Forms of Address as Cross-Cultural Code-Switching: The Case of German and Danish in Higher Education

    Research output: Contribution to journalJournal articleResearchpeer-review

    Abstract

    Both German and Danish have distinct pronouns for addressing communication partners formallyand informally (referred to as V for Sie/De and T for du/du). However, their use differsconsiderably in Germany and Denmark, e. g. in higher education. In Germany, the lecturerand the students use V, in Denmark they use T. Based on the observation that Danish studentsare very reluctant (and sometimes even opposed) to use V in the classroom in Denmark, thisarticle proposes to consider the use of V and T as a case of Cross-Cultural Code-Switching. Itis hypothesized that V causes Cultural Cognitive Dissonance for (young) Danes since V isinterpreted as an overt manifestation of power distance in a society which considers itself asegalitarian. Ways to cope with such cognitive dissonance in foreign language teaching arediscussed. Furthermore, the article addresses the broader question of when cultural behavioursare supposed to apply and – in particular – what conventions are appropriate in higher educationin Denmark when German is the language of instruction: should we use V as in Germanyor T as in Denmark? Arguments for both choices are presented and discussed.
    Both German and Danish have distinct pronouns for addressing communication partners formallyand informally (referred to as V for Sie/De and T for du/du). However, their use differsconsiderably in Germany and Denmark, e. g. in higher education. In Germany, the lecturerand the students use V, in Denmark they use T. Based on the observation that Danish studentsare very reluctant (and sometimes even opposed) to use V in the classroom in Denmark, thisarticle proposes to consider the use of V and T as a case of Cross-Cultural Code-Switching. Itis hypothesized that V causes Cultural Cognitive Dissonance for (young) Danes since V isinterpreted as an overt manifestation of power distance in a society which considers itself asegalitarian. Ways to cope with such cognitive dissonance in foreign language teaching arediscussed. Furthermore, the article addresses the broader question of when cultural behavioursare supposed to apply and – in particular – what conventions are appropriate in higher educationin Denmark when German is the language of instruction: should we use V as in Germanyor T as in Denmark? Arguments for both choices are presented and discussed.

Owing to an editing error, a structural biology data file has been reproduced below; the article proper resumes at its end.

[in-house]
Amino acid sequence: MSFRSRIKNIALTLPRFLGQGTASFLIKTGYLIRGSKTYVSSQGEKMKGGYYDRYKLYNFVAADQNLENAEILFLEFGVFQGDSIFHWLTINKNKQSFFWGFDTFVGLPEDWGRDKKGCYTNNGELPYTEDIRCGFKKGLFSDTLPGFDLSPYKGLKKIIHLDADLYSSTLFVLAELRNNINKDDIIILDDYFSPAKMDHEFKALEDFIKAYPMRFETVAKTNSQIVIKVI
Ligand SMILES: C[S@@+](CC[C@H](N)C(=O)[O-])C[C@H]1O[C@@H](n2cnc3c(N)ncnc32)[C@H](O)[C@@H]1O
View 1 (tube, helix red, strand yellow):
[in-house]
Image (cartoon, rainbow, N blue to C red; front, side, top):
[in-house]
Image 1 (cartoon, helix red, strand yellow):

LanguageEnglish
    JournalLinguistik Online
    Volume79
    Issue number5
    Pages179-198
    ISSN1615-3014
    DOIs
    StatePublished - 1 May 2016

    Cite this

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    title = "Forms of Address as Cross-Cultural Code-Switching: The Case of German and Danish in Higher Education",
    abstract = "Both German and Danish have distinct pronouns for addressing communication partners formallyand informally (referred to as V for Sie/De and T for du/du). However, their use differsconsiderably in Germany and Denmark, e. g. in higher education. In Germany, the lecturerand the students use V, in Denmark they use T. Based on the observation that Danish studentsare very reluctant (and sometimes even opposed) to use V in the classroom in Denmark, thisarticle proposes to consider the use of V and T as a case of Cross-Cultural Code-Switching. Itis hypothesized that V causes Cultural Cognitive Dissonance for (young) Danes since V isinterpreted as an overt manifestation of power distance in a society which considers itself asegalitarian. Ways to cope with such cognitive dissonance in foreign language teaching arediscussed. Furthermore, the article addresses the broader question of when cultural behavioursare supposed to apply and – in particular – what conventions are appropriate in higher educationin Denmark when German is the language of instruction: should we use V as in Germanyor T as in Denmark? Arguments for both choices are presented and discussed.",
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    Forms of Address as Cross-Cultural Code-Switching : The Case of German and Danish in Higher Education. / Ørsnes, Bjarne.

    In: Linguistik Online, Vol. 79, No. 5, 01.05.2016, p. 179-198.

    Research output: Contribution to journalJournal articleResearchpeer-review

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